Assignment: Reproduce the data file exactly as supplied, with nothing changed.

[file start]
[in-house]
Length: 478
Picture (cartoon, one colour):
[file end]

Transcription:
[in-house]
Length: 478
Picture (cartoon, one colour):